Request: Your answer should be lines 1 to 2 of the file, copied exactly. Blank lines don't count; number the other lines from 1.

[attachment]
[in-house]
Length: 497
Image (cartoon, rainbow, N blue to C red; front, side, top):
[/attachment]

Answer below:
[in-house]
Length: 497